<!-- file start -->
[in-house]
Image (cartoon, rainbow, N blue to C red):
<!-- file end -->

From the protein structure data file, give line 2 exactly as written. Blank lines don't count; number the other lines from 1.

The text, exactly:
Image (cartoon, rainbow, N blue to C red):